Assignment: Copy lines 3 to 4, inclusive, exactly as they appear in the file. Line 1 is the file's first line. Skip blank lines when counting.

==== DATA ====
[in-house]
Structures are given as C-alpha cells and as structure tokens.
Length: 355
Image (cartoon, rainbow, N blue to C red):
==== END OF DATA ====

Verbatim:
Length: 355
Image (cartoon, rainbow, N blue to C red):